Keying is defining transparency by a particular color value or luminance value in an image. When you key out a value, all pixels that have colors or luminance values similar to that value become transparent.
Keying makes it easy to replace a background, which is especially useful when you work with objects too complex to mask easily. When you place a keyed layer over another layer, the result forms a composite, in which the background is visible wherever the keyed layer is transparent.
You often see composites made with keying techniques in movies, for example, when an actor appears to dangle from a helicopter or float in outer space. To create this effect, the actor is filmed in an appropriate position against a solid-color background screen. The background color is then keyed out and the scene with the actor is composited over a new background.
The technique of keying out a background of a consistent color is often called bluescreening or greenscreening, although you don’t have to use a blue or green screen; you can use any solid color for a background. Red screens are often used for shooting non-human objects, such as miniature models of cars and space ships. Magenta screens have been used for keying work in some feature films renowned for their visual effects. Other common terms for this kind of keying are color keying and chroma keying.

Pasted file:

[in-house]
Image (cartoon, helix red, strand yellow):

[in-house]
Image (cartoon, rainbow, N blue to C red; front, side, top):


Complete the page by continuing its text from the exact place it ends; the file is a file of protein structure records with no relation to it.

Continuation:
Difference keying works differently from color keying. Difference keying defines transparency with respect to a particular baseline background image. Instead of keying out a single-color screen, you can key out an arbitrary background. To use difference keying, you must have at least one frame that contains only the background; other frames are compared to this frame, and the background pixels are made transparent, leaving the foreground objects. Noise, grain, and other subtle variations can make difference keying very difficult to use in practice.